In the first week of April, the United States chose to snub a G7 meeting in favour of focusing exclusively on NATO. But while the U.S. has chosen to focus on great power politics, France has begun penetrating the now crowded soft power field in Africa to much success in former colonial possessions Algeria and Rwanda. Given France’s success, perhaps it is time for the Trump administration to re-evaluate the role of soft power in American foreign policy.
As if Russian airstrikes, ISIS suicide attacks, and chemical warfare were not enough, Turkish troops now join the Syrian civil war, a conflict entering its eighth year. On January 20, the media focused on the American government shutdown, providing no coverage on the day’s most significant development: Turkish president Recep Erdogan launched his long-promised assault on the Kurds in northern Syria, one of America’s closest allies in the campaign against ISIS.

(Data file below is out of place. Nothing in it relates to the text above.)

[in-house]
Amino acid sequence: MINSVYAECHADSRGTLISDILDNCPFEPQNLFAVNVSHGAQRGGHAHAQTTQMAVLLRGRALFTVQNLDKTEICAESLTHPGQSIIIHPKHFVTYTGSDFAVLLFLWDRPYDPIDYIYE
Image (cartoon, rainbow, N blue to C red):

With ISIS largely defeated, Iraq has retreated to the periphery of American attention; America and its allies abroad have left Iraq on its own after over a decade of intense involvement.This lack of engagement leaves a power vacuum open for exploitation by Iran, and yes, even a resurgent ISIS. A policy of complete disengagement is not only to the detriment of American interests, but those of its regional allies. The United States must decide whether it will stand idly by as the modest but appreciable gains made by trillions of dollars and the lives of thousands of US service members are swept away by Islamic extremism, or selectively engage in the region to counterbalance growing Iranian influence.